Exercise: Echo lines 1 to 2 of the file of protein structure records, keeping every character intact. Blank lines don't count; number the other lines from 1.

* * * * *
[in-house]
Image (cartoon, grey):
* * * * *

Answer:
[in-house]
Image (cartoon, grey):